Light”. I have also reduced the layer opacity to around 50%. Season your image with contrast
until it looks just perfect.
17. Tone Pop
Lastly, we’ll use a Channel Mixer Adjustment Layer to add some depth and perceived sharpness
within the tones in our image here. Tick on the “Monochrome” option and I typically try to push
the Reds and Greens up a little bit to really add light into the skin tones. Set this Adjustment
Layer to the blend mode “Multiply” and reduce the opacity until it looks just perfect.
18. Sharpen Big
Take a look at your image and adjust if your shadows are too dark (reduce one or more of the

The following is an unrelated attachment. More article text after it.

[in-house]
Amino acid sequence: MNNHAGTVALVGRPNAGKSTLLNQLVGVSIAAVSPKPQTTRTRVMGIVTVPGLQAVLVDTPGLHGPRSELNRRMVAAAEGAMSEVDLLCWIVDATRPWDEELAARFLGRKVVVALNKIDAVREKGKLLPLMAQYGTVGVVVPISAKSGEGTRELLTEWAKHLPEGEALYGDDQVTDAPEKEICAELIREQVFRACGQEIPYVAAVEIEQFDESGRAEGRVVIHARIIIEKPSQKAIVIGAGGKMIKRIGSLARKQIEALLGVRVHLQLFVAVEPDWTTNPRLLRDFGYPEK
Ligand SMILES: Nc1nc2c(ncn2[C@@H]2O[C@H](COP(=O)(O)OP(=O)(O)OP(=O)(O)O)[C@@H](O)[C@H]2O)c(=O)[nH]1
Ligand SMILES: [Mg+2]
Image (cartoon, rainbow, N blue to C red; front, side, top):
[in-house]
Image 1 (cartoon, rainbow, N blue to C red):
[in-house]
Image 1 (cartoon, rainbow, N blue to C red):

Multiply layers) or if your image is too light (reduce the Gradient Map adjustment a little more and
increase the Multiply layers a touch too). Next, use the merge all layers to a new layer hotkey
(Cmd/Ctrl + Shift + Alt/Opt + E) once again to merge everything to a new layer. Desaturate this
layer by going Image>Adjustments>Desaturate. Go Filter>Other>High Pass and set it to
something like 40px or more. Set the layer to the blend mode “Soft Light” and reduce the opacity
to around 40%.
19. Sharpen Small (Details)
Repeat the last step, but this time use a High Pass filter of about 23px
20. Finishing Touches!
I added a few more Adjustment Layers to tweak the color to the final product that I have here.
Explore some of the different Adjustment Layers that we’ve used here to create an image that is
something you love.